As First Lady, Eleanor often traveled throughout U.S. to gauge the conditions in which the Americans lived during the Great Depression and aided her husband in coming up with solutions to the issues. From 1935 to 1962, she wrote, a six days a week newspaper column, titled My Day. In her column, she discussed issues such as race, women, and key events like Pearl Harbor, Prohibition etc. Eleanor was the first First Lady to write a daily newspaper column. She was also the first presidential spouse to write a monthly magazine column, to host a weekly radio show and to hold regular press conferences. In 1940, she also became the first First Lady to speak at a national party convention.

#6 Eleanor played a key role in the formation of National Youth Administration

During the Great Depression, American youth faced many problems including those of unemployment and not being able to afford education. Roosevelt recognized the need for government interference and acted as the primary catalyst for change. She worked with the American Youth Congress (AYC) and was instrumental in the formation of National Youth Administration (NYA), an agency which focused on providing work and education for Americans between the ages of 16 and 25. NYA, which operated from 1935 to 1943, helped over 4.5 million American youths find jobs, receive vocational training and afford higher standards of education. It played a key role in enabling American youth to contribute to the war effort and stimulate the American war economy.

#7 She was a leading activist for the rights of women and African Americans

Eleanor Roosevelt was vocal in her support of the African-American civil rights movement. She broke with precedent by inviting hundreds of African-American guests to the White House. She was one of the only voices in the White House that insisted that benefits be equally extended to Americans of all races. Eleanor also worked tirelessly for the rights of women. Among other things, she encouraged her husband to appoint more women to federal positions, helped working women receive better wages and held numerous press conferences for female reporters only, at a time when women were barred from White House press conferences.Eleanor Roosevelt with an African-American child in Detroit in 1935

 

#8 She played an active role during World War II including chairing the OCD

After the advent of the Second World War in 1941, Eleanor co-chaired the Office of Civilian Defense (OCD) till February 1942. OCD was responsible for coordinating measures for protection of civilians like special fire protection and carrying out war service functions such as child care and health. She visited troops on a morale-building tour, encouraged volunteerism on the home front and advocated increased roles for women and African-Americans in the war effort. Roosevelt also supported the immigration of European refugees. Although her efforts in this regard were mostly in vain, she did successfully secure political refugee status for 83 Jewish refugees from the S.S. Quanza in August 1940.Eleanor Roosevelt, on a tour of the South Pacific during World War II, visiting a wounded U.S. Marine in 1943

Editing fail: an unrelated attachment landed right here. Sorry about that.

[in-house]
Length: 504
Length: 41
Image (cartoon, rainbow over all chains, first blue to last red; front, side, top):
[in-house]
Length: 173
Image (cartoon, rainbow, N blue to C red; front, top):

#9 Eleanor oversaw the drafting and passage of the Universal Declaration of Human Rights

After Franklin D. Roosevelt’s death in 1945, President Harry S. Truman appointed Eleanor a delegate to the United Nations (UN). In April 1946, she became the first chairperson of the preliminary UN Commission on Human Rights. The commission established a special Universal Declaration of Human Rights Drafting Committee which was chaired by Roosevelt. The Universal Declaration was adopted by the General Assembly in 1948. Even though it is not legally binding, the Declaration has been adopted in or has influenced most national constitutions since 1948. It has also served as the foundation for international laws and treaties. It is considered one of the most prominent achievements of Eleanor Roosevelt.

Eleanor Roosevelt with the Mexican version of the Universal Declaration of Human Rights

#10 She is ranked among the most influential people of the twentieth century

Roosevelt served as the first U.S. Representative to the United Nations Commission on Human Rights from 1946 to 1953. In 1961, President John F. Kennedy appointed her to chair the Commission on the Status of Women and she continued in that capacity till shortly before her death in November 1962. The UN posthumously awarded Roosevelt with one of its first Human Rights Prizes in 1968 in recognition of her work. In 1999, she was ranked ninth in the top ten of Gallup’s List of Most Widely Admired People of the 20th Century. The same year, Eleanor Roosevelt was also included in TIME magazine’s compilation of the 100 most influential people of the twentieth century.

Comparisons are also made with Mary Todd Lincoln and the trials and tragedies she faced while in the White House, Hillary Clinton who was intimately involved in domestic policy and Michelle Obama and her challenges raising two daughters in the public bubble of Washington and their father’s presidency.

There was one unique photo … six living first ladies assembled together … a scene which might never happen again.

(front row)  Lady Bird Johnson, Nancy Reagan, Rosalynnn Carter and Pat Nixon

(back row)  Laura Bush and Barbara Bush

A block away, is located the Victorian ancestral home of First Lady Ida Saxton McKinley and, later, President William McKinley.